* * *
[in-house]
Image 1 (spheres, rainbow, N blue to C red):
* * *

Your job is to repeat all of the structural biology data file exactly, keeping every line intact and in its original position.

[in-house]
Image 1 (spheres, rainbow, N blue to C red):